Repression of students in Bangladesh widely condemned 

Following the police action against students of Shahjalal University of Science and Technology in Bangladesh, a wave of student solidarity protests has swept across several universities. Protesters have condemned the use of tear gas, batons and stun grenades against students within the campus 

February 08, 2022 by Peoples Dispatch
Bangladesh students protest
(Photo: The Daily Star)

Following this month’s police action against demonstrating students of Shahjalal University of Science and Technology in Bangladesh’s northeast Sylhet district, a wave of student solidarity protests has swept across the country. Students of Rajshahi University in capital Dhaka condemned the state “brutality” and use of stun grenades, tear gas and batons against the protesting students.  


On January 16, hundreds of students of Shahjalal University of Science and Technology participated in a demonstration seeking resolution of their basic demands and a representative body to look after their affairs in the hostel.  However, they were prevented by the police from carrying out their protest and were dispersed using force which left at least 40 students injured. 

Videos of the police action went viral on social media, leading to an uproar from activists, rights bodies and students nationwide. Students of the university are facing several restrictions and are barred from conducting any cultural event in the campus. 

Following the police action, a large number of students marched within the campus and torched the effigy of vice chancellor Farid Uddin Ahmed. They also demanded removal of hall provost Zafrin Ahmad and assistant provost Zobaida Kanak Khan.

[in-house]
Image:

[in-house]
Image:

The initial mobilization of the students was triggered by an alleged incident of misbehavior by the hall provost on January 13. The students then pursued their grievance with the vice chancellor. However, the students’ three-point demand (resignation of the hall provost, resolving alleged mismanagement of the dormitory, and bringing in a student-friendly provost committee) was not met, which led the students to indefinitely boycott classes. 

The student protesters began a sit-in outside the vice chancellor’s residence. They resorted to a hunger strike on January 19. The administration responded by shutting down the campus but the students’ movement persisted despite the repeated attempts to repress it.

Solidarity protests in Rajshahi University and other campuses saw students hit the streets in anger. Social media was also flooded with solidarity messages, with students expressing their anger and echoing similar issues they face in their respective universities. 

Bangladesh has a long history of student activism that has challenged corruption and the misuse of power within campuses. At least 50 protests have reportedly occurred in public universities across the country within two decades.

Student activists have raised concern over fee hikes, administration apathy and impunity given by the authorities to harass and physically assault students campaigning for their rights.

On February 2, overnight protests rocked the campus of Rajshahi University after a student was killed by a loaded truck in front of a residential hall, the Shaheed Habibur Rahman Hall. The deceased student was later identified as Mahmud Habib Himel, a final year student of the Fine Arts Faculty.